Like all good adventures, what doesn’t kill you only makes you stronger. Taking this to heart is a bunch of humans who, after crash landing their ship face-first into the dirt, argue about who’s fault it was before setting their sights on something more important. Moving away from who’s fault it really is, this group of humans set it sights on what a group of Lizardmen have as they unfortunately and unceremoniously go about taking it from them by any means necessary.
Siegecraft Commander is probably the first title in a long time that made me feel bad for playing the human race. Let’s me honest for a moment that sometimes we can really, really, suck. This is actually one of those cases as the humans launch into a full scale assault into the Lizardmen because they have something that they want. Plot set, it’s time to plan the rest of your course of action which is going to require a lot of experimentation and possibly a decent amount of patience. At least from a console standpoint.
What can take some time in order to get right is how to slingshot your forces around the map. Technically this is the easiest part of gameplay as you pick a direction, pull back on the analog stick, let your building fly and leave the rest to the system. I’m going to say right here though that learning exactly how far to pull back and even pulling back could sometimes be tenuous with the dualshock’s analog stick. As much as I prefer a controller over a mouse and keyboard, I for once would have prefered the precision of the mouse as there’s a particular sweet spot that is the difference between letting your building fly and kicking a pebble with your toe only to realize it was a heavy rock and it didn’t move very far...
Once you’ve picked your direction and let your building fly, you’ll see a trailing line on a wall that lies between your original building and the newer one that shows arrows back towards its source. Seeing this let’s you know exactly how everything is interconnected once others are placed which is important as these lines essentially make up your defense network’s nervous system. Protecting the major nerves is important because as while taking out the last building in nerve cluster is fine, taking out a previous node or even it’s previous node? This will cause everything that came afterwards to crumble which is why placing your buildings is only half the battle.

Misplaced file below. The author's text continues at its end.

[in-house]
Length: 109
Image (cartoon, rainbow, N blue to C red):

The other half of the battle is making sure that these nodes are well defended so that while you’re off further ahead trying to break the enemy’s stronghold, the nerves that brought you that far can stand on their own. This is a bit where things don’t jive so well as there’s a weird formula that either is extremely effective or just doesn’t seem to work. You start off with a giant castle with lots of health. From here you launch outposts which come supplied with catapults in order to damage other buildings. Outposts can from that point spawn multiple other types such as armories for mortars, barracks for soldiers, or libraries for all sorts of fun things like a Tesla Tower. With all of these others however it generally didn’t come down to how well you could use them but how many troops that the enemy sent your way.
Mortars exist as an anti-troop attack. Barracks generate soldiers that can also be used for anti-troops as well as attacking the enemy’s buildings. Often though it seemed like the enemy just simply moved right through as the cooldowns on the mortars were too far between and the troops just simply didn’t spawn fast enough. Protecting these from airships was also an issue as ballistas have a long reload time, which is fair when you think about it, but the amount of airships coming your way didn’t even leave you a chance in the first place as they can unload a hell of a lot faster than a ballista can ever reload.
So with all of this said, you could place four or five mortars around, multiple barracks, a few ballistae, and still things could crumble. Honestly more often than not a better strategy was to aim for where your enemy produced troops and either catapult them manually or use the placement of new buildings to stomp their troops flat as new buildings can be used as a weapon of their own.
Placing buildings while easy in concept could be aggravating at times depending on the camera angle. From one point of view things looked good but placing them by launching them forward and they exploded because there was a slight incline on the map. Placing them “too close”, which sometimes was not even close where you were looking, was too close at the point of origin causing your new would be building to once again explode costing you precious time in certain circumstances. So what should have been quick and easy fun at times was an exercise in patience trying to launch the building just right and not hit that incline because for some reason one incline at ten degrees would make things explode while forty percent inclines were fine. It made no sense.
I wanted to enjoy Siegecraft Commander a lot more than I did, but the issues with the gameplay were too much to completely overlook. Between having to struggle with the analog stick and worry about every other incline while simultaneously concerning myself with the number of troops coming at you could be the difference between either restarting the level or taking a break before trying it again with a calmer demeanor.
Sony PlayStation 4
Level 77 Pty Ltd
Real Time Strategy
Turned Based Strategy
Provided by Publisher
Article by Pierre-Yves